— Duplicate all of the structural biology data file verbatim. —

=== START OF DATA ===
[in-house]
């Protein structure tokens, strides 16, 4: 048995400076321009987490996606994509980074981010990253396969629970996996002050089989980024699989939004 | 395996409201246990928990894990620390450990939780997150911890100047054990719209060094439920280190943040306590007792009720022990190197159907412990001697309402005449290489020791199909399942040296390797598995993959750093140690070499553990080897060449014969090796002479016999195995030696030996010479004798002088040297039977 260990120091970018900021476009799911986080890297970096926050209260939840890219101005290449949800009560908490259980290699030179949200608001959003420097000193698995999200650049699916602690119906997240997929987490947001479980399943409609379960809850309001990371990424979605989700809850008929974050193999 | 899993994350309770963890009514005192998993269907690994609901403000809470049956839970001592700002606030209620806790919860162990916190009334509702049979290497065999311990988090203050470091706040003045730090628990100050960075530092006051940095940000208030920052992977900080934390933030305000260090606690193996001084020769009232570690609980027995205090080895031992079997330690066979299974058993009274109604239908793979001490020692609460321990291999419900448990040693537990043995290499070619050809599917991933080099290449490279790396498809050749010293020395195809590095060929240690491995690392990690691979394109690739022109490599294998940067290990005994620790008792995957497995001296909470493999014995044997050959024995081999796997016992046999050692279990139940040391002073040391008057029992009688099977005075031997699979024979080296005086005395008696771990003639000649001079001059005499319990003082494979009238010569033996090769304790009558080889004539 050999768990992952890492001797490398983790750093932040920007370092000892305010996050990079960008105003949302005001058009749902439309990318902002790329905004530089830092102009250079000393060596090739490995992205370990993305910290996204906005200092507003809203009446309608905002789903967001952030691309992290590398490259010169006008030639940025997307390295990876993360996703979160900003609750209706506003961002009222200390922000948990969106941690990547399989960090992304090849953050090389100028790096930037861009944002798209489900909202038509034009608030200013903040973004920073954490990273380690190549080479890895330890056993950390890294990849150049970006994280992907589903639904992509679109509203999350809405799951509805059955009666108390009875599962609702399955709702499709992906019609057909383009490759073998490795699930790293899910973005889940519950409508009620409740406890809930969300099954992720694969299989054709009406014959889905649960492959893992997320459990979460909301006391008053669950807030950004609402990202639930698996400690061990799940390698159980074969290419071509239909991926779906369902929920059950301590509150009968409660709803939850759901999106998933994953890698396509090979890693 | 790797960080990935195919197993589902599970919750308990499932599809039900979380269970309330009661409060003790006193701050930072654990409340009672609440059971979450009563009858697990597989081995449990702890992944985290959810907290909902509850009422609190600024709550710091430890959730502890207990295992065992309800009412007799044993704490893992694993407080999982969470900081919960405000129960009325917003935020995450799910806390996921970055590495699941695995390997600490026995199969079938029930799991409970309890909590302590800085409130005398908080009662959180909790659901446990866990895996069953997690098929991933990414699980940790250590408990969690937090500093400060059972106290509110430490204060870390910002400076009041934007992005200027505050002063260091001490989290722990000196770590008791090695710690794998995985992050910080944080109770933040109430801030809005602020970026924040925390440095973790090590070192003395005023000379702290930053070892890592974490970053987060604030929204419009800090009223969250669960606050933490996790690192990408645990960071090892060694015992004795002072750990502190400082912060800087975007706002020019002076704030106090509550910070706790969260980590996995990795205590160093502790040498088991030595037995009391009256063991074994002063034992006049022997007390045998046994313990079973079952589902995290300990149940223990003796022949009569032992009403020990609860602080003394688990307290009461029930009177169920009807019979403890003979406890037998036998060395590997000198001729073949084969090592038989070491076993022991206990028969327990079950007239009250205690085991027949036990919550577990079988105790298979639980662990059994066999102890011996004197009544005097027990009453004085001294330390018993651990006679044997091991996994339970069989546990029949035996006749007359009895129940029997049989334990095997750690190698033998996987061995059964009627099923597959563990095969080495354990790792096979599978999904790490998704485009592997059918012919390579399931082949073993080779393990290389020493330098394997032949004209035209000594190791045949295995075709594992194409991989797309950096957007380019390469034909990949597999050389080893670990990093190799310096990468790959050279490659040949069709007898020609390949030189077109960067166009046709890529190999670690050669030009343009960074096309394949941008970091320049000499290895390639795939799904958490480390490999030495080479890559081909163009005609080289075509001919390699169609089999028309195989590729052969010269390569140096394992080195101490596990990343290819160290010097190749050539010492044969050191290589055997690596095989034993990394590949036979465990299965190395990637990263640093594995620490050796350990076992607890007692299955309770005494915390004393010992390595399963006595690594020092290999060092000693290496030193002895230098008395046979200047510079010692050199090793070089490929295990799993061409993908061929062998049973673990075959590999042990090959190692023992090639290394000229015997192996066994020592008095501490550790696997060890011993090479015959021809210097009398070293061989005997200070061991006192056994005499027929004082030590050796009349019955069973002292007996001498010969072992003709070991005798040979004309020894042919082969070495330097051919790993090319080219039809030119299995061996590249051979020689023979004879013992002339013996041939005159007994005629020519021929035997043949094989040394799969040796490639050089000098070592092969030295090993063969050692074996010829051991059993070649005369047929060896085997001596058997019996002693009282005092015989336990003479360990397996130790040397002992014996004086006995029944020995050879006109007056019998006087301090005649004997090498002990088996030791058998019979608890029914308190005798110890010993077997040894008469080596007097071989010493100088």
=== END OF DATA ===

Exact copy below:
[in-house]
């Protein structure tokens, strides 16, 4: 048995400076321009987490996606994509980074981010990253396969629970996996002050089989980024699989939004 | 395996409201246990928990894990620390450990939780997150911890100047054990719209060094439920280190943040306590007792009720022990190197159907412990001697309402005449290489020791199909399942040296390797598995993959750093140690070499553990080897060449014969090796002479016999195995030696030996010479004798002088040297039977 260990120091970018900021476009799911986080890297970096926050209260939840890219101005290449949800009560908490259980290699030179949200608001959003420097000193698995999200650049699916602690119906997240997929987490947001479980399943409609379960809850309001990371990424979605989700809850008929974050193999 | 899993994350309770963890009514005192998993269907690994609901403000809470049956839970001592700002606030209620806790919860162990916190009334509702049979290497065999311990988090203050470091706040003045730090628990100050960075530092006051940095940000208030920052992977900080934390933030305000260090606690193996001084020769009232570690609980027995205090080895031992079997330690066979299974058993009274109604239908793979001490020692609460321990291999419900448990040693537990043995290499070619050809599917991933080099290449490279790396498809050749010293020395195809590095060929240690491995690392990690691979394109690739022109490599294998940067290990005994620790008792995957497995001296909470493999014995044997050959024995081999796997016992046999050692279990139940040391002073040391008057029992009688099977005075031997699979024979080296005086005395008696771990003639000649001079001059005499319990003082494979009238010569033996090769304790009558080889004539 050999768990992952890492001797490398983790750093932040920007370092000892305010996050990079960008105003949302005001058009749902439309990318902002790329905004530089830092102009250079000393060596090739490995992205370990993305910290996204906005200092507003809203009446309608905002789903967001952030691309992290590398490259010169006008030639940025997307390295990876993360996703979160900003609750209706506003961002009222200390922000948990969106941690990547399989960090992304090849953050090389100028790096930037861009944002798209489900909202038509034009608030200013903040973004920073954490990273380690190549080479890895330890056993950390890294990849150049970006994280992907589903639904992509679109509203999350809405799951509805059955009666108390009875599962609702399955709702499709992906019609057909383009490759073998490795699930790293899910973005889940519950409508009620409740406890809930969300099954992720694969299989054709009406014959889905649960492959893992997320459990979460909301006391008053669950807030950004609402990202639930698996400690061990799940390698159980074969290419071509239909991926779906369902929920059950301590509150009968409660709803939850759901999106998933994953890698396509090979890693 | 790797960080990935195919197993589902599970919750308990499932599809039900979380269970309330009661409060003790006193701050930072654990409340009672609440059971979450009563009858697990597989081995449990702890992944985290959810907290909902509850009422609190600024709550710091430890959730502890207990295992065992309800009412007799044993704490893992694993407080999982969470900081919960405000129960009325917003935020995450799910806390996921970055590495699941695995390997600490026995199969079938029930799991409970309890909590302590800085409130005398908080009662959180909790659901446990866990895996069953997690098929991933990414699980940790250590408990969690937090500093400060059972106290509110430490204060870390910002400076009041934007992005200027505050002063260091001490989290722990000196770590008791090695710690794998995985992050910080944080109770933040109430801030809005602020970026924040925390440095973790090590070192003395005023000379702290930053070892890592974490970053987060604030929204419009800090009223969250669960606050933490996790690192990408645990960071090892060694015992004795002072750990502190400082912060800087975007706002020019002076704030106090509550910070706790969260980590996995990795205590160093502790040498088991030595037995009391009256063991074994002063034992006049022997007390045998046994313990079973079952589902995290300990149940223990003796022949009569032992009403020990609860602080003394688990307290009461029930009177169920009807019979403890003979406890037998036998060395590997000198001729073949084969090592038989070491076993022991206990028969327990079950007239009250205690085991027949036990919550577990079988105790298979639980662990059994066999102890011996004197009544005097027990009453004085001294330390018993651990006679044997091991996994339970069989546990029949035996006749007359009895129940029997049989334990095997750690190698033998996987061995059964009627099923597959563990095969080495354990790792096979599978999904790490998704485009592997059918012919390579399931082949073993080779393990290389020493330098394997032949004209035209000594190791045949295995075709594992194409991989797309950096957007380019390469034909990949597999050389080893670990990093190799310096990468790959050279490659040949069709007898020609390949030189077109960067166009046709890529190999670690050669030009343009960074096309394949941008970091320049000499290895390639795939799904958490480390490999030495080479890559081909163009005609080289075509001919390699169609089999028309195989590729052969010269390569140096394992080195101490596990990343290819160290010097190749050539010492044969050191290589055997690596095989034993990394590949036979465990299965190395990637990263640093594995620490050796350990076992607890007692299955309770005494915390004393010992390595399963006595690594020092290999060092000693290496030193002895230098008395046979200047510079010692050199090793070089490929295990799993061409993908061929062998049973673990075959590999042990090959190692023992090639290394000229015997192996066994020592008095501490550790696997060890011993090479015959021809210097009398070293061989005997200070061991006192056994005499027929004082030590050796009349019955069973002292007996001498010969072992003709070991005798040979004309020894042919082969070495330097051919790993090319080219039809030119299995061996590249051979020689023979004879013992002339013996041939005159007994005629020519021929035997043949094989040394799969040796490639050089000098070592092969030295090993063969050692074996010829051991059993070649005369047929060896085997001596058997019996002693009282005092015989336990003479360990397996130790040397002992014996004086006995029944020995050879006109007056019998006087301090005649004997090498002990088996030791058998019979608890029914308190005798110890010993077997040894008469080596007097071989010493100088």